Originally Posted by 1skylark
No corroded connections. How do I test for cunductivity? I'm new to this electrical stuff, I know how to check resistance and check for power and that's it. Lol. I can build a engine, and set up a differential but this is new.
When I was a tech, the owner of one of the shops I worked at was a master when it came to finding electrical problems. His two favorites were either something is not grounded correctly or something that is not supposed be grounded, is. In either case, electrical problems are a royal PITA if you are working without the benefit of a computer to test each circuit. Here's how to find something that is grounded that should not be, ie a short.
1. Powered volt ohm meter with pointed leads is a must have.
2. Complete wiring diagram is extremely helpful. It will show you which wires are supposed to be grounded and which are not.
1. Set the meter in Ohm position. Test it by touching the leads together, it should show power/continuity.
2. Disconnect the battery of the vehicle. You're not looking for power on anything at this point, so kill it all.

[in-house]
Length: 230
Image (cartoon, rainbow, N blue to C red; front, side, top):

3. Disconnect one set of wires at the connector.
4. Insert one lead of your meter into a connector on the connector block.
5. Touch the other lead to an unpainted body surface and again to the engine block.
6. If the meter moves, you've found a wire that is grounded. This is where the wiring diagram comes in really handy.
7. If the meter does not move, keep testing all the other wires in the same manner until you are sure nothing is grounded that should not be. Then move on to the next connector, etc. Make sure you plug things back in before moving on to the next connector.
If there are no connectors your can get to, you can stick the point of the lead through the cover of the wire (this is why you need the pointed leads on the meter) but it should be avoided if you can.
Its time consuming and there are no short-cuts, at least not that I've ever been able to find. Knowing what harness goes where really helps though.